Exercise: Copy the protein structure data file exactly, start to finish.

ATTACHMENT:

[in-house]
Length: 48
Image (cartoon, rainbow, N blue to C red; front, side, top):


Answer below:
[in-house]
Length: 48
Image (cartoon, rainbow, N blue to C red; front, side, top):